Blue Bonnet Review

A Literary Journal Featuring Poetry, Fiction and Nonfiction by Talented Writers Around the Globe

A literary journal featuring poetry, fiction and nonfiction by writers around the globe. 

We Are Detroit

Lee Chilcote

After ‘The Window’ by David Masters


It isn’t as hard as you’d think
to live in the ruins of America.
Crawl through an open window,
rappel down with a bed sheet.
Explore the grand lobbies,
marble walls and desecrated murals,
arrive in the concourse
by the skylight’s glow.
There, among Doric columns,
build your new home. 


We saw the old train station
with its broken windows
every time we visited Detroit.
Peered right into its guts.


Raised at Eighteen Mile
we napped on the freeways,
lawn chemicals in our milk,
yet we never took root
in Grosse Pointe, Bloomfield Hills.

Crossing Eight Mile, we found
land scraped clean,
Victorians with castle turrets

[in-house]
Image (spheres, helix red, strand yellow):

and peach trees.
The city as big as a country,
little stands of houses.
We stopped
and peeked in the windows.


At a Corktown art opening
where the young people gathered
and spilled light onto the street
I saw “The Window,”
a painting made from parts
of an old house: layers of paint
on top of wood and wallpaper
like a palimpsest.
Then I knew what to do. 


Amy was a stray as well,
her feral look belying perfect teeth.
After a couple glasses of wine
we broke into Michigan Station.
Shimmied through a back window,
climbed to the top –
the city spread out below.


Streets fanned out away
from downtown. Highways
gobbled up the neighborhoods.
Teeth of a street kicked out.
Sagging houses with front porches.
Apartment buildings full of soul.
City gardens growing wild. 
Slows BBQ waiting for tomorrow.   


We climbed back down
into a forest of tall black headlines:
We are Detroit we are Detroit we are Detroit too.
Dawn came up over the rooftops.
We walked past TV crews
into the real story of Detroit,
slipped into a house
and peeled boards from its windows.